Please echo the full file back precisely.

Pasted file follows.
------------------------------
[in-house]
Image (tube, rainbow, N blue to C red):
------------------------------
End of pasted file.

[in-house]
Image (tube, rainbow, N blue to C red):